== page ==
When bad things happen, you can get upset. Or you can try to make the “breast” of it.

That’s what Andy Sealy, 39, and Krysten Gentile, 37, decided to do after they were diagnosed in 2017 with stage IV breast cancer. Together, they’ve launched a podcast called Making the Breast of It.

It’s much needed, considering that although breast cancer is rare in women under 40, it tends to be aggressive at that age, according to the Young Survivors Coalition.

“I think that we wanted a platform to tell people, ‘It is important to do self breast exams.’ I didn’t do them monthly. I should have. It could have saved my life,” said Gentile, a mother of three young boys. “So, we’re trying to help people understand that those self-exams are really important. This is my soapbox.”

Andy Sealy, right, and Krysten Gentile in South Philly. Both are in their 30s and have been diagnosed with late-stage breast cancer. Their new podcast is called "Making the Breast of It."
MIGUEL MARTINEZ / Staff Photographer
Andy Sealy, right, and Krysten Gentile in South Philly. Both are in their 30s and have been diagnosed with late-stage breast cancer. Their new podcast is called "Making the Breast of It."

Sealy discovered her first lump during a breast self-exam in January 2017. Then she found another. At first, she thought it might be a problem with her implants. Doctors diagnosed her with cancer later that month.

Three days before undergoing a double mastectomy, the South Philly resident threw herself a “Ta-ta to My Tatas” party that was covered by The Inquirer. Months later, Sealy was shocked to learn that the cancer had spread to her spine and right hip, which meant it was stage IV.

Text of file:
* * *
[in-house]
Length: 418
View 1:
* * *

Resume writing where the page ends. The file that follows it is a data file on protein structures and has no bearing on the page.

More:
Gentile, 37, of Garnet Valley, discovered a lump while putting on her bra back in May 2017 as she dressed for work. Because she had a 7-month-old son, her obstetrician-gynecologist initially suspected it was a clogged milk duct. Gentile got a referral to a surgeon and had a biopsy. Pregnant with her third son, she underwent a lumpectomy and chemotherapy. After giving birth, she endured 36 rounds of daily radiation. Originally, she was diagnosed with stage III breast cancer. Then, last summer, she had back pain and doctors discovered that the cancer had metastasized to her spine, which meant stage IV metastatic breast cancer.

“The most common areas that it spreads to after it goes to your lymph nodes are bones, brains, liver, and lung,” said Sealy, who has quit her job as a sales rep for restaurant point-of-sale systems. “They’re keeping an eye on something on a lung for [Gentile] and a liver for me. I had a spot on my sternum. It could be anything.”

Andy Sealy danced with her father, John Sealy, during her "Ta-ta to My Tatas" party in 2017.
TOM GRALISH / Staff Photographer
Andy Sealy danced with her father, John Sealy, during her "Ta-ta to My Tatas" party in 2017.

Sealy and Gentile, who both grew up in Delaware County, learned of each other’s health struggles through friends. When Gentile called Sealy in June, their connection was instant. They had so much to talk about and compare.

I met up with the pair last week at Sealy’s rowhouse in South Philly. Gentile took the day off from her job at SAP in Newtown for the interview. The two women were bubbly and lively. You wouldn’t have thought either was ill.

There were subtle reminders, though.

“I’m hot-flashing from my medications. I apologize,” Gentile said, removing her leather jacket.

Sealy, sitting at the other end of the sofa and puffing on medicinal marijuana, called out: “Girl, bye. Trust me. I get it.”

Their energy is positive.

Making the Breast of It launched Sept. 29. They had a party to celebrate at Barra Rossa Ristorante, 900 Walnut St.

“We want to use the platform to tell people that life is short. Live your life the way you want to live it. Stop caring about what other people think. Be you,” Gentile said. “I was worried about what other people thought. That’s out the window.”

Sealy chimed in, quoting the rapper Eminem: “You only get one shot.”

I applaud the way they’re handling things. They’re being open and trying to help others at a time when a lot of us would just shut down. As Gentile said, “We’re just a couple of girls with a terminal cancer diagnosis making the breast of it.”

Their podcast will inspire others to do the same.